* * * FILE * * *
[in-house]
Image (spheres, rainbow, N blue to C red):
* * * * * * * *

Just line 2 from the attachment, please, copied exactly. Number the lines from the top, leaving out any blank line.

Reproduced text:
Image (spheres, rainbow, N blue to C red):